Spot the Best Year-End Opportunities

12/01/2011 10:35 am EST


Rob Hanna

Co-Founder, Investiquant

Rob Hanna discusses the stock market’s late-year seasonal tendencies and where good buying opportunities are likely to be presented after Thanksgiving and in the weeks that follow.

We’re taking at look at seasonality with Rob Hanna. Rob, we’re coming into a sweet spot of the year; what are you seeing seasonally?

Yeah, we are coming into a nice sweet spot. Thanksgiving always provides some nice seasonality for traders.

It’s one of the times of the year where I pay attention to buying into the market on the Wednesday and Friday after Thanksgiving, and then sometimes the Monday following Thanksgiving tends to be seasonally weak, but beyond that, December is a very strong month for the market, and there are some good times to get into trades in December.

What makes December so strong?

Well part of it I believe is that there’s a lot of tax selling in December, there is a lot of maneuvering of portfolios, and generally, you’ve got people in a good mood in December, too.

That holiday spirit.

Yeah, so you tend to get some good movements in December. 

Option expiration week in December I want to say is the happiest time of the year, as opposed to actual Christmas Day, and then you get a few days right around Christmas that are really strong, too. So it tends to be a nice time of year, especially for small-cap stocks as opposed to the large-cap stocks. 

See related: 5 Small Caps with Growth Potential

Really, so what strategies would you be looking at?

Well, a lot of times what I’ll do in December is I will look to buy during option expiration week if we have a little dip in the S&P 500 or in the Russell 2000. I’ll look to hold that through near the end of the year, and you can normally get a nice move out of that. 

I’ll take some profits off the table if we get a move up because that’s just in my nature to take a little bit off the table and lock in some gains. 

Then one of my favorite seasonal edges to play—there’s really two—is beginning-of-the-month seasonality. It’s pretty well known the first day of the month tends to be a very strong day, and that is especially true when the market is in an uptrend. It’s especially true if the market hasn’t already made a surge going into the beginning of the month.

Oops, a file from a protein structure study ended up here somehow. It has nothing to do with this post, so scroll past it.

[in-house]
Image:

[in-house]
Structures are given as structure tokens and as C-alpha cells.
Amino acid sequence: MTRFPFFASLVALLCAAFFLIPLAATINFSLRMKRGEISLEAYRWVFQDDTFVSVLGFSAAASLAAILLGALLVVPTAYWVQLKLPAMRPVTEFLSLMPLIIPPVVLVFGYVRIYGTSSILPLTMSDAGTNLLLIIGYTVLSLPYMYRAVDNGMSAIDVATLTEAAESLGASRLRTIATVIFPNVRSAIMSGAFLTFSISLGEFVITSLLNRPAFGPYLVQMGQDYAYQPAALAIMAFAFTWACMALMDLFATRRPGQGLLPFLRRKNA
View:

If those conditions are in place, then a lot of times you’ll get a good first day of the month. I tend to do a lot of buying on the last day of the month anticipating that the next day will get me some gains.

What’s the other strategy that you mentioned?

Fed days. Eight times a year, the Fed will hold their open market days, and those days have very, very strong tendencies. The overall tendency of Fed days is that they’re up, but beyond that, again, if you get a down day the day before, or if you get a selloff late in the afternoon the day before, you’ve got a good chance of making some money on the Fed day. 

And what’s interesting about Fed days is that most of the edge comes from the close the day before until the announcement. Most people try and say, “OK, what’s going to happen with the announcement?” and expect the market to move a lot before that, but the greatest edge comes before the announcement actually comes out. 

I think it’s because people are positioning ahead of the announcement. Once the announcement comes out, it’s tough to know what’s going to happen and how the market will react.

Right, buy the rumor, sell the news.

Right, so if you can get in ahead of the announcement, a lot of times what I’ll do is I’ll buy the day before and I’ll sell at 2 pm if the announcement is going to be at 2:15 pm.

Does the fact that the Fed came out and said that they’d hold short-term interest rates at virtually zero well into 2013 change that at all, or do you still see opportunities?

No, there are still opportunities. It used to be that everyone was kind of hanging on whether the Fed is going to cut rates or raise rates. That’s the big question going into the meeting all the time.

Well, you don’t have that question anymore, but they now have QE1, QE2, Operation Twist, and if QE3 is coming out, and whatever their forecast is, people still react to it. It tends to get a big reaction.

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